Alabama residents have just a few weeks to complete the 2020 Census with a Sept. 30 deadline fast approaching.  

With billions of dollars in federal funding and at least one congressional seat at stake, state and local leaders continue to push for a boost in census responses in the final weeks.

As of Tuesday, the Census Bureau reported a 61.7% response rate from Alabama, still four points behind the national average. 

Idaho, West Virginia, Washington, Kansas and Oregon were listed as top five states, with response rates ranging from 91.4% to 97%, according to total enumeration counts collected by the Census Bureau as of Tuesday. 

According to the Alabama Census website, states with the least population gains are expected to forfeit congressional seats to states that exhibit the most population gain.

“The population count taken in the 2020 Census will determine the allocation of the 435 seats in the U.S. House of Representatives,” the site states. “The loss of a Congressional representative would mean one less critical voice advocating for Alabama on the national stage. The only way to potentially avoid this outcome is for all Alabamians to participate in the 2020 Census.”

According to the same site, funding for programs that affect communities on a more local level are also in jeopardy. 

“Funding to Alabama for many important programs that affect health care, education, housing assistance, infrastructure development and more is tied in some form to census data,” the website explains. “A recent study by George Washington University indicates that the U.S. government returned almost $1,600 to the state in 2015 for every Alabamian counted in the census.”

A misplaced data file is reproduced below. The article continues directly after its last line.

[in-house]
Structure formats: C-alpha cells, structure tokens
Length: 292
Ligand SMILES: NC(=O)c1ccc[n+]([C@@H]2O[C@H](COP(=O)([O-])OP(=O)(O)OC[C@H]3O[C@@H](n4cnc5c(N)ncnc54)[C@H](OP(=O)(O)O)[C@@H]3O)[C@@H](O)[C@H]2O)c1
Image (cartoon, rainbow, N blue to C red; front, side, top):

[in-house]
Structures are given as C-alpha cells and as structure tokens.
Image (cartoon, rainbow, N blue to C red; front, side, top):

Those funds directly impact assistance programs, education, and infrastructure in Lawrence County, as the allocation for funding is based on population counts as well. 

“We were told last time, in the 2010 Census, that we left $32 million on the table on terms of government funding because we didn’t get an accurate count,” Lawrence County Schools Superintendent Jon Bret Smith said.

The Bureau’s data showed 63.7 percent of Lawrence County households had responded as of Tuesday, with Moulton exhibiting the highest response rate at 68.7%.

Town Creek trailed with 66.8% response, Hillsboro reported 58% response, and Courtland had 53.1%. North Courtland reported 49.5% response as of Tuesday. 

The Census Bureau began in-person visits in August to households that had not yet responded to the census, and will continue fieldwork until the final deadline when self-response options will also close. 

The United States Census is conducted every ten years nationwide, and residents are required by law to participate.

Individual responses collected in the census are compiled with information from other homes to produce statistics, which never identifies a census participant or any person listed in their home.

It typically takes less than ten minutes to complete the census form online, according to the census website. Census takers may preview the questions online at, and participants may fill the survey out online using a computer, tablet or smartphone.

Census takers may also choose to respond by calling 844-330-2020. Phone lines are open every day from 6 a.m. to 1 p.m. Central Time.

For more information or for answers to frequently asked questions, visit

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